March 12, 12
Why or when is something good?
My view on what is considered “good” is a hybrid of different ethical schools of thought. I merged concepts from Relativism, Teleological Ethics/ Consequentialism, Act Utilitarianism and Situationism. I made my own sort of “Frankenstein” standard of morality and goodness, borrowing whichever portion seemed fit to my taste.
The concept I took from Relativism is that moral judgments are never objective. I believe that moral decisions are highly influenced my society and norms. Though, this concept believes that there are no universal truths, I cannot deny that there are universal truths, as we can see this in our day-to-day life. Getting pregnant out of wedlock has far much harsher consequences in a Muslim country than a liberated country like England who even has provisions for single mothers. We can see that the moral judgment on what is “good” or what is condemned differs from every society. I do agree however that there are some basic human laws that generally govern what is considered good. The law in every country is in its most basic form, same in a way. Murder is not allowed in every country, so is stealing or some other act of this sort. Though, is accidental murder due to self-defense from a physically abusive husband of an eight-month pregnant wife considered as bane? Or is it boon due to the given situation?
The concept I took from Teleological Ethics/ Consequentialism is “the end justify the means.” Teleological Ethics is based on the intention and result of the act. Merged with the ideal of Act Utilitarianism of “the good for the greatest number of people.” Sacrifice one to save the many, is the main thought of this ethical school. These two ethical schools combined means that for me, goodness is not only based on the results. The “goodness” of a result may be good for my own personal interest and can therefore, be considered “good” based on Consequentialism, but if it is only good for me and is bad for a great number of people, then generally, the bad outweighs the good and it is at this point therefore, that I include the idea of Act Utilitarianism.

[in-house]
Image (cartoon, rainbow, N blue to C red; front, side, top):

Situationism is the idea that what is considered “good” is relative to different circumstances of how or what decision was made. This moral conviction to determine what is good can be evidently seen in our justice system. There are many different factors that influence the decision of a jury, with this in consideration; we can see how the judge lowers the sentence based on the situation of how the crime or offensive act was committed.
As you can see, I did not find one ethical school of morality that was suited to my taste as I see the flaw in each. I did not want to stand with a theory that even I can see is unsound. I therefore took what I saw was sound in each, fused the bits and pieces together and combined my own criterions of what I believe is good. I sum this up as something is considered good based on the society where the act is done, why the act was done, the results of the act, if the results of the act is good for the greatest number of people and the circumstance of when the act was done.
Aren’t Feminists Marginalizing themselves?
I don’t think that feminists are marginalizing themselves at all. I believe feminists are bringing light to the issues that they see existing in our day-to-day lives. Feminism is seen as a radical movement to liberate women that started in the 70’s and ended there, but the truth is, feminist movements continue on till today. In the 70’s feminists started to fight for what equal rights as men. This encompasses the right to vote, equal opportunities for jobs etc.
People today see feminism as something negative, a movement that should have been finished when women were given the permission to participate in society as fully as men. This however, is not accurate. There are fundamental principles in...
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